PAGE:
Credit: Discogs.com

Love and Rockets: 5 Albums box set
Released: 13 May 2013 (UK)

Love and Rockets was a very influential band in my younger years. Back in autumn 1986, MTV had been pushing their second album, Express, by playing commercials for it, as well as playing the videos for “Ball of Confusion” and “All In My Mind” on their late night rotation (as well as on 120 Minutes when it went on the air that November). That was right about the same time I’d returned to listening to college radio after discovering it earlier that year, so that band became one of the foundation points when I jumped straight into the alternative rock sound. I’d picked up Express at the Rietta Ranch flea market in Hubbardston, of all places–and it became one of my favorite albums of that year. Over the course of four albums in the late 80s, I fell in love with their distinct sound of dreamy acoustic guitars, neo-psychedelia, and post-punk. They ended up influencing my own songwriting style as well.

The band itself has quite the pre-band history–it’s comprised of the three musicians from Bauhaus: guitarist/singer/songwriter Daniel Ash, bassist/singer/songwriter David J, and David’s brother, drummer Kevin Haskins. After the break-up of Bauhaus and singer Peter Murphy going solo, they kept themselves quite busy…Daniel Ash and Kevin Haskins turned their part-time project Tones on Tail into a short-lived but full-time project, releasing one album and a handful of great singles. David J kept busy with both an impressive solo career (including work with comic writer Alan Moore, creating music for his V for Vendetta series) as well as studio assistance with The Jazz Butcher. By 1985 they’d reconvened and started up a new band. Taking their name from the highly acclaimed comic book of the same name by Jaime and Gilbert Hernandez, they created a unique body of music that borrowed not just from their previous bands’ sounds but also of the guitar-centric soundscapes gaining ground at the time, such as those of XTC and Cocteau Twins.

5 Albums is part of a new box set series from the UK Beggars Banquet label; this one comprises Love and Rockets’ four 80s albums–1985’s Seventh Dream of Teenage Heaven, 1986’s Express, 1987’s Earth Sun Moon and 1989’s Love and Rockets–plus an additional collection called Assorted! which contains a number of b-sides and rarities, including their one-off Bubblemen “side project” EP. The four main albums are for the most part the same as the 2000-2003 reissues with little change (the version of the self-titled album here omits the bonus cd, most of which was moved to Assorted, minus the radio interview and performance), and for those who have these already, only Assorted is of interest, as it contains many b-sides not available elsewhere, as well as the unreleased track “Sorted”. This box is mainly for those who are completists (like me), but it’s an absolutely wonderful–and cheap!–way to introduce yourself to a phenomenal band. Let’s take a look at a few of the albums and tracks therein:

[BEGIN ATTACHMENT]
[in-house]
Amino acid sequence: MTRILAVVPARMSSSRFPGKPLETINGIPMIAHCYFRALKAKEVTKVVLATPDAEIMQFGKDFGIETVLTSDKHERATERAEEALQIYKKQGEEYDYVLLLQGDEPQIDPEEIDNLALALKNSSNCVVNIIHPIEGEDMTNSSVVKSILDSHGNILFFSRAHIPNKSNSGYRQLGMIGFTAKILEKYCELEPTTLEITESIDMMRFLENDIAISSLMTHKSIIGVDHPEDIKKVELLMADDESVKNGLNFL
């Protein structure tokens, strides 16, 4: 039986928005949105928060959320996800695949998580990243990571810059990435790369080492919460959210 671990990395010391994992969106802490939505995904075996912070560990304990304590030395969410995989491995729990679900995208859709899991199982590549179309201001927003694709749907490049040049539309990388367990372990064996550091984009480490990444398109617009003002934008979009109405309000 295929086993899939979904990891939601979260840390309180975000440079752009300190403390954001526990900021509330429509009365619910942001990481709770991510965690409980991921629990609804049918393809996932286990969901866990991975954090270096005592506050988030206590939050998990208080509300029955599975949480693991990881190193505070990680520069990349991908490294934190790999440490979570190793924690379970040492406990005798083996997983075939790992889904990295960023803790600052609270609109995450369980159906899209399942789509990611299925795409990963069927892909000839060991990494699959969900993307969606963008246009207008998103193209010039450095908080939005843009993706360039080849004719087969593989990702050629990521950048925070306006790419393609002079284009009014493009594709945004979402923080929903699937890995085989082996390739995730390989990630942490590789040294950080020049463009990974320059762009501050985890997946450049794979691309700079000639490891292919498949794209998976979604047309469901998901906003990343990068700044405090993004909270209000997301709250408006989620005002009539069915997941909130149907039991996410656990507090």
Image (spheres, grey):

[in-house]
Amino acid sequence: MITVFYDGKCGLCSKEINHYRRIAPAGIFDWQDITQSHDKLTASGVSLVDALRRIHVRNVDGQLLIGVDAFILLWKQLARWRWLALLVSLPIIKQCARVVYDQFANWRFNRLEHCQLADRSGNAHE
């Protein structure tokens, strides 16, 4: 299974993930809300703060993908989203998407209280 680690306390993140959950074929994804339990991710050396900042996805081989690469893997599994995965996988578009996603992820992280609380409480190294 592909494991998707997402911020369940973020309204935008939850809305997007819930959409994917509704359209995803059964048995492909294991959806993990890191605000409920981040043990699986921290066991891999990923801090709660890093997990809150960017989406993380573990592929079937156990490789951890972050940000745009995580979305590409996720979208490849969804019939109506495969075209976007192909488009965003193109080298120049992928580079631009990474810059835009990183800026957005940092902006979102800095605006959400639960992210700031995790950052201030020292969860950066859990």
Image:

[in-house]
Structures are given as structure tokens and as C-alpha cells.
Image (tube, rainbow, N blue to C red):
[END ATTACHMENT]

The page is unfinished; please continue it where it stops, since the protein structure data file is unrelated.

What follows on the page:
The debut Seventh Dream of Teenage Heaven, originally released in October 1985, is steeped in acoustic post-punk and drenched in atmospheric reverb–all the tracks save one are over five minutes long and contain deliberately calculated instrumental passages that make the songs soar. Lyrically the band showed a complete 180 from the gothic references in Bauhaus, or even the trippiness of Tones on Tail, instead focusing on personal introspection. This one was only released in the UK at first, only making an appearance in the US in November of 1988 with a reshuffled track listing and two single b-sides added, after their second and third albums had been released.

There’s some lovely work here, especially the pastoral “A Private Future” and the absolutely stunning instrumental “Saudade”, both showcasing Daniel Ash’s phenomenal guitar work. There’s also a few curiosities like the deliberately plodding “The Game”, but there’s also bluesy rockers “Dog-End of a Day Gone By” and “Haunted When the Minutes Drag”. The latter track would get a boost in early 1988 when John Hughes featured it on the soundtrack to his movie She’s Having a Baby. This current version also contains their debut single, a cover of The Temptations’ “Ball of Confusion”, which would also show up on the original US version of Express. All told, Seventh Dream is a stunning debut for the band–it’s not an album full of hit singles, but it’s certainly full of great musicianship and tight songwriting.

Express was released in mid-September of 1986, a banner year for quite a few bands that would define college rock–The Smiths, the Cure, Depeche Mode, The Mighty Lemon Drops, The Chameleons, and more. Their second album is much more upbeat and a lot trippier, infusing their love for sixties’ psychedelic rock into all sorts of places. The one-two punch on the first tracks “It Could Be Sunshine” and “Kundalini Express” hint at garage psych with mystical lyrics and spacey guitars, setting the tone for a much more electric and eclectic album than the previous one. They’re followed up with the American single “All In My Mind”, which eerily predates and predicts the dreamy sound of shoegaze, which would surface nearly three years later. The album also has its share of acoustic tracks similar to those on Seventh Dream, including a much slower version of “All In My Mind”, as well as the closer “An American Dream”. But the ultimate psychedelic track on this album is the speedy “Yin and Yang (The Flowerpot Man)”, a six-minute psychedelic freak-out of weird sounds, disjointed lyrics, and Bo Diddley strumming amped up to eleven. As mentioned earlier, many US fans were introduced to the band with this album, and it’s a great place to start.